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Restaurants: The Whale Wins, The Walrus and The Carpenter, Boat Street Café, Boat Street Pickles (Seattle)
Education: BFA in printmaking and painting, University of Washington
Up Next: A cookbook incorporating Erickson’s recipes with stories from her staff, and the farmers and oyster growers who supply her kitchens (scheduled for fall 2014 release from Sasquatch Books).
Who taught you how to cook? What is the most important thing you learned from him or her?
All of the women cookbook writers of the 20th century, especially Elizabeth David and Julia Child. I didn’t go to culinary school, and bought my first restaurant when I was really young, so a lot of my learning was from books and reading. Their approach is clear—they’re specific about why they’re doing what they’re doing. The most important thing I learned from them is being honest and cooking from your heart.
What was the first dish you ever cooked by yourself?
It was probably a toss-up between chocolate chip cookies and boiling crab as a kid. I spent a lot of time on the beach in the Northwest. We’d boil pots of seawater on the beach and cook crab that way.
What is the best dish for a neophyte cook to try?
Roast chicken. It’s important to heavily salt it, and roast it in a hot oven: 450 degrees for the first 15-20 minutes, and then turn it down to 400. Use a meat thermometer, so you can be sure it cooks to an internal temperature of 160 degrees.
Favorite cookbook of all time?
Right now my favorites are any book from Nigel Slater. I love his simple daily recipes. I want to plunk myself down into the middle of his idyllic London world. It feels similar to Seattle in many ways, but it’s foreign as well. He also incorporates the Indian and African influences in England, which are quite decadent.
What’s the most important skill you need to be a great cook?
A willingness to work harder than you can ever imagine, and generosity. Cooking for people is about caring for them and making them feel restored. You have to be a giving person to do it well.
Is there a culinary skill or type of dish that you wish you were better at?
Boning fish. I can bone a salmon, but there are so many weird little fish whose bone structures I don’t know as well.
What is the best bang-for-the-buck ingredient, and how would you use it?
Agostino Recca whole anchovies packed in salt. I use them in sauces, throw them straight into pastas, salads and vinaigrettes. You can put them in water and pull the salt out, and they fillet really easily. You can marinate them in olive oil or eat them on a cracker.
What is your current food obsession?
Herring, for the past year or so, ever since a fisherman sold us 1,000 pounds of them at Walrus. We froze them and now use them sporadically. We’ve been smoking some to make smoked herring butter, one of my most favorite things in a long time.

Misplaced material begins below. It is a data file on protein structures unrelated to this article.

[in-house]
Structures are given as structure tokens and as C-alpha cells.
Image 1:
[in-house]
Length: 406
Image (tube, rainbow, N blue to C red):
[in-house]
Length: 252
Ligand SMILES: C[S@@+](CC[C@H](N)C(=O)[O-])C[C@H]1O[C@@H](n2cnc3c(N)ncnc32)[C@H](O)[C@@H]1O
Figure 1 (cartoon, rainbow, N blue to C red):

What restaurant are you dying to go to in the next year, and why?
La Tupina, in Bordeaux. It’s a simple place. [Chef Jean-Pierre Xiradakis] cooks everything over wood coals.
Best bang-for-the-buck food trip: Where would you go, and why?
I’m going to be greedy and say Seattle. It’s not expensive to get here. We’re between the mountains and the ocean, so we have everything. The variety and quality are amazing. In Puget Sound we have all the oysters. In the mountains it’s all the foraged foods and greens and mushrooms. And in between is valley, with tons of produce. There’s a plethora of incredible ingredients less than an hour’s drive away.
What is the most cherished souvenir you’ve brought back from a trip?
A wood-handled Inox oyster knife. I got it three years ago in Paris.
What do you consider your other talent(s) besides cooking?
My art background helps in cooking. Outside work, I’m a pretty good gardener. I plant all sorts of weird herbs, raspberries and arugula. Not in any quantity, but it’s fun to bring into the restaurants. I also have chickens, so we use their eggs.
If you could invent a restaurant for your next (imaginary) project, what would it be?
A floating oyster barge in Puget Sound.
If you were going to take Thomas Keller, Tony Bourdain or Mario Batali out to eat, where would it be?
I would pick Tony because I’ve met him and he’s fun. I’d take him to Hog Island near Petaluma [California], and eat oysters and drink beer.
If you were facing an emergency, and could take only one backpack of supplies, what would you bring, and what would you make?
Anchovies, lemons, olive oil, a white Loire wine, Rainier Beer, smoked herring, Triscuits, Espelette, butter, Jacobsen salt, saucisson and Rockwell beans. I’d make smoked herring and butter on Triscuits. I’d serve the beans with anchovies, lemon, olive oil and Espelette, and eat the saucisson.
What ingredient will people be talking about in five years?
I’m hoping they’ll be talking about herring. There’s lots of it. They’ll probably be talking about insects.
Name two or three dishes that define who you are.
Oysters on the half shell with rye bread and butter, served with lemon. Dungeness crab melt with tarragon mayonnaise and Beecher’s cheddar cheese, on an English muffin.
What do you eat straight out of the fridge, standing up? What is your favorite snack?
I often eat a toasted English muffin with Adams crunchy peanut butter and Ballard Bee honey. My favorite snack is plain Lay’s potato chips.
Best new store-bought ingredient or product, and why?
I’m a big fan of a smoked Turkish chile called urfa biber. It has a bright, citrusy aroma and a toasted, smoked quality. It’s really rich.
Do you have any food superstitions or pre- or post-shift rituals?
Canned beer at the end of the shift.